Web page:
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EVGA's P55 Motherboard Lineup Revealed + P55 FTW Preview

by Michael "SKYMTL" Hoenig     |     August 19, 2009

Nvidia's Play Versus the Dragon



We have been hearing a lot about ATI and AMD's partnership with their Dragon platform, Nvidia hasn't been standing still. They figure that with the proper implementation, their GPUs coupled with a Lynnfield CPU and a P55 chipset-equipped motherboard will offer a price / performance ratio far above that of anything AMD / ATI can offer at this point. Nvidia calls it "The Power of 3".

This may seem like a bit of an idle boast but they have been making some massive inroads with SLI licensing for nearly all of their premier P55 board manufacturers. Indeed, nearly every single performance-oriented P55 board we have seen so far has included an SLI bridge.

However, there is more to Nvidia's claim than SLI.


Nvidia has implemented a new "PhysX Ready" certification code for certain motherboards that come properly equipped and ready to install a dedicated PhysX slot. I know many of you have been wondering what the use of that PCI-E x4 slot is on most of the P55 boards we have been seeing to date and now you know why: this is a dedicated slot needed for Nvidia's PhysX certification. You can run any card above a 9600 GT (they recommend using at least a 9800GT) in this slot for additional physics processing power.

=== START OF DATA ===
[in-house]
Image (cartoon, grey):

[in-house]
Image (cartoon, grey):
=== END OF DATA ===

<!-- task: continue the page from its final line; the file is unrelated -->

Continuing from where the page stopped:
With the additional "PhysX slot" showing up on countless well-priced motherboards and they prices of compatible graphics cards coming down in price physics processing can become a reality for even more gamers now. It should also be noted that this setup will provide additional performance in the WIndows 7 environment through the DirectX Compute and Open CL code paths.


Another boon for Nvidia is the fact that many affordable P55 motherboards will be shipping with dual x8 PCI-E support so enabling SLI on sub-$200 boards can become a reality. The addition of an nForce 200 chip can conceivably expand the GPU complement to encompass Tri-SLI as well.


By now you should all know that PhysX is here to stay and considering the list of games which will be released in the coming months with PhysX support, we can't see why you would want to turn a blind eye at this point. In addition, Windows 7 is about to usher in a whole new realm of possibilities when it comes to using your graphics card for parallel computing tasks and whether ATI fans want to admit it or not; Nvidia is at the forefront of GPU Compute technologies.

The Lynnfield platform has a real possibility to make Nvidia's "Power of 3" a household name but whether consumers embrace this trifecta has yet to be seen.
 
 
 

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